I’ve given Udon Assembly, as well as projects such as UdonSharp a glance and have had some experience working with those, however a question bugged me ever since I started:
Why Udon VM at all? Why not simply compile Udon graphs to CIL, do security checks at compiler level, and let the resulting bytecode be ran by Mono directly?
I’ve played VRChat for some time now and one thing that always bothered me is that even in a world that’s just a completely empty platform with nothing else, there are stutters and lag spikes, which I obviously can’t know the exact reason for, but an educated guess suggests it might have to do with Udon (as my hardware is fairly high-end).
Sure if all the security checks are done at compiler level, it’d mean that the compiler would need to be vastly more complex and would need to do a lot more analysis and prevent any potential abuse, but is it really that bad of a tradeoff to have a complex compiler that produces super optimized code? For security, the compilation could take place at avatar/world load-time, instead of at publish-time, which would eliminate any possibility for injecting malicious CIL into the resulting thing.
So I just wanted to know the reason why the VRChat team decided to go this route, as it seems fairly odd to me.
if all you cared about was external security like accessing the internet, then yes, a compiler check would be sufficient. Just don’t run the program if the code contains an illegal function.
However, the problem is vrchat also cares about internal security. Objects like player avatars and the vrchat UI must be protected to prevent worlds from messing with it. no amount of compiler checks can stop that because you can get references to those things with a simple raycast. You need runtime checks, and that is one of the things udonVM does.
Thanks for the answer! It does clarify some things, however now I have another observation I think I can make. Also, I’m sorry if I’m saying something that’s obviously wrong, I am not nearly as experienced in Unity or C# as I probably should be.
What if such dangerous methods were wrapped by the compiler in some sort of security checking function? Surely the compiler could check if the return type of an expression is something dangerous, and simply wrap the return value of said expression in a function call that either returns the resulting reference or a reference to nothing if it considers the reference dangerous in any way.
that could also be a viable strategy if you trusted the compiler. but the compiler runs on the world uploader’s machine, so it cannot be trusted. It could easily be modified or simply be running an outdated version that does not have the right checks.
Now the obvious counterpoint to that is if there are dangerous methods like that, just blacklist them and create a security-checked copy of the function in some dll. that… could actually work. but the problem is just that it would be playing whackamole with hundreds of random functions and if you miss anything, you’ll have to fix it later and if you fix it later you’ll be breaking old worlds that used that function legitimately.
But what if the problem is approached from the other end.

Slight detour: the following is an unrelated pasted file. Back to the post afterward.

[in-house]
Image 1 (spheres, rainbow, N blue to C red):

Firstly, let the code compilation always run on the client machine in-game upon avatar / world loading, the world/avatar would have the code attached to it in source form. Sure, it would cause temporary lag spikes as things compile, and could be abused if a particularly huge project is loaded, however there could be a hard-limit to how many code files would be allowed to be present in a world/avatar (perhaps even integrated into VRChat’s avatar performance metric system), or they could be compiled gradually rather than all at once (while the avatar remains in its “processing” state).
The editor would sanity-check the code and try to compile it prior to submission in order to ensure it would actually compile when in-game, and even if this were to be bypassed, avatars with bad code could simply display their fallback or the default avatar, while worlds with bad code would simply refuse to load and redirect the player back to their home world or the default VRChat home world.
Secondly, as I saw in Udon graph editor, you (the VRChat developers) have the complete control of which functions are whitelisted and are allowed to be called from Udon. A whitelist-based system would hardly ever be bypassed by any oversights of the developer, and things could always be added to it later down the line if the demand exists for them.
A solution very similar to this is employed in Garry’s Mod, and seems to work fairly well.
Technically-speaking VRChat is compiled to IL2CPP so it’s not straightforward to load user CIL because IL2CPP doesn’t allow that at all, everything needs to be compiled ahead of time.
Security-wise as said before yeah you’d need a big layer of complexity that’d be subject to exploits on its own. Mono also abandoned the goal of running untrusted code a decade ago and never really finished its work towards that goal in the first place, and I believe given some benchmarks, that Unity has stripped out some of the obsolete security measures from its copy of Mono in favor of performance as well.
It can be a security risk on its own to compile user code on the client side, the compiler itself can have bugs that lead to exploits.
In general, computer security when it comes to running untrusted code is a act of mitigating risk. There is no way to know for certain that there aren’t any exploit vectors, and it is pretty likely that there are a number of them when you have codebases as large as .NET runtimes. In this case VRChat decided that it was too risky to use a deprecated security model that Mono itself tells you to not use.